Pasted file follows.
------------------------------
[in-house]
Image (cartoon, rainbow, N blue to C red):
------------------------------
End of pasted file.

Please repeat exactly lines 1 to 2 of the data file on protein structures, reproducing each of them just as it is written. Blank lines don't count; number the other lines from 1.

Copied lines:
[in-house]
Image (cartoon, rainbow, N blue to C red):